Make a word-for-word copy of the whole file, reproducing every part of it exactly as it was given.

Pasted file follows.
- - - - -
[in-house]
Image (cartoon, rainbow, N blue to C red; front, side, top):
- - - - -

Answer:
[in-house]
Image (cartoon, rainbow, N blue to C red; front, side, top):